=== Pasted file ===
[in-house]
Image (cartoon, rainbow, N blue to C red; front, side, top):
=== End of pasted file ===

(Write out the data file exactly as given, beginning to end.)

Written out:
[in-house]
Image (cartoon, rainbow, N blue to C red; front, side, top):